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Tuesday, January 13, 2009

Studying the Bible: The Overview, Part 2

First of all, remember not to look at commentaries, yet. And I forgot to mention last time, that if you have a study bible with footnotes, like the MacArthur Study Bible or the ESV Study Bible, try not to read those either. We want to allow the text to speak first.

We also want to remember to pray before studying, recognizing that without the Holy Spirit’s guidance, our effort is pointless.

Today we want to look at the huge task of discerning the main theme of the book. What is the main idea? We also want to discern the purpose of the book. The purpose and the main theme are not the same thing. The purpose is why it was written. The main theme is the what of what was written. They always work together; they never contradict each other.

For example, in the book of 1 John, John tells explicitly in 5:13 why he wrote the book: I write these things to you who believe in the name of the Son of God that you may know that you have eternal life. If we then closely read the book of 1 John in light of that purpose, we quickly find that each chapter is playing a role in the accomplishment of that purpose, which leads us to the main theme of the book.

So the questions that must be answered are: what is the purpose? And, what is the main theme? Generally, the purpose will be easier to find, and it will then help you discern the theme. The book you are studying may tell you very explicit the purpose for its being written.

If you are studying 2 Timothy, there is a great hint in chapter one. Paul doesn’t explicitly say, “I am writing to you to…”, but he does write something very close. If you can pick that out of chapter 1, you’ve got your purpose. Then if you read the rest of the book in light of it, you’ll be well on your way to discerning the theme.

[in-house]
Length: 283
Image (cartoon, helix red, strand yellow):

If the book doesn’t explicitly tell you the purpose, review the list of things you observed about the author and the recipients. Frequently, these things will point you in the right direction. If you are studying Philippians, you’ll find that Paul doesn’t give an explicit reason for writing, but he does say something about himself in chapter 1 and his understanding of the purpose for his staying alive. That is huge and has everything to do with why he would be writing the book.

That next step is charting the book. When we chart a book, all we are doing is going through the book summarizing each paragraph in eight or fewer words. If you have a modern study bible that breaks the text down into paragraphs, that is great. You’ll be able at a glance to see where the paragraphs are broken. This is far more reliable than chapter divisions and verse divisions. The chapter and verse divisions were added by editors a few hundred years ago and occasionally come in awkward places. So read by paragraphs, not chapters and verses. One word of caution, though – if your study bible already has section titles giving the main idea of the section, do your best to ignore those. We want to discover things on our own before checking our work against the work of others.